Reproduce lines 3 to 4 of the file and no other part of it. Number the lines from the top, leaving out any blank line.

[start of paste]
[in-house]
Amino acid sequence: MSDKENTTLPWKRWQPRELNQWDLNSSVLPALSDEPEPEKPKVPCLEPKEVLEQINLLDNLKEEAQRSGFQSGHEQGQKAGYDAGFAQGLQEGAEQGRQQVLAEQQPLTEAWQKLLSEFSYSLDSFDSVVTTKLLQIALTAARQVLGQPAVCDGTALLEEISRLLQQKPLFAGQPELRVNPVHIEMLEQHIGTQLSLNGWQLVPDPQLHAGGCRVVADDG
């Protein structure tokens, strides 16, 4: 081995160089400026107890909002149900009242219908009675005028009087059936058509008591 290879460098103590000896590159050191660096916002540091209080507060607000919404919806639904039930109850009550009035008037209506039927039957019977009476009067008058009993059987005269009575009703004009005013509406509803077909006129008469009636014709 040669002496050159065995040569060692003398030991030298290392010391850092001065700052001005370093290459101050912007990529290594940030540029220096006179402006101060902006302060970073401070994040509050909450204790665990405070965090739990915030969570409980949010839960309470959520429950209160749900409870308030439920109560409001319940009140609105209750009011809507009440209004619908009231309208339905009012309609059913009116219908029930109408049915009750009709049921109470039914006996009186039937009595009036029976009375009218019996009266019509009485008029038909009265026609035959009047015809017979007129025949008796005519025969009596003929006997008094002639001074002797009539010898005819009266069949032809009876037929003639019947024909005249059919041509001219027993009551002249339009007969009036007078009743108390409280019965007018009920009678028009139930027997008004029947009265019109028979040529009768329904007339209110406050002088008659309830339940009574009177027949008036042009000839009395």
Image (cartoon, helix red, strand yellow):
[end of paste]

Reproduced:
């Protein structure tokens, strides 16, 4: 081995160089400026107890909002149900009242219908009675005028009087059936058509008591 290879460098103590000896590159050191660096916002540091209080507060607000919404919806639904039930109850009550009035008037209506039927039957019977009476009067008058009993059987005269009575009703004009005013509406509803077909006129008469009636014709 040669002496050159065995040569060692003398030991030298290392010391850092001065700052001005370093290459101050912007990529290594940030540029220096006179402006101060902006302060970073401070994040509050909450204790665990405070965090739990915030969570409980949010839960309470959520429950209160749900409870308030439920109560409001319940009140609105209750009011809507009440209004619908009231309208339905009012309609059913009116219908029930109408049915009750009709049921109470039914006996009186039937009595009036029976009375009218019996009266019509009485008029038909009265026609035959009047015809017979007129025949008796005519025969009596003929006997008094002639001074002797009539010898005819009266069949032809009876037929003639019947024909005249059919041509001219027993009551002249339009007969009036007078009743108390409280019965007018009920009678028009139930027997008004029947009265019109028979040529009768329904007339209110406050002088008659309830339940009574009177027949008036042009000839009395």
Image (cartoon, helix red, strand yellow):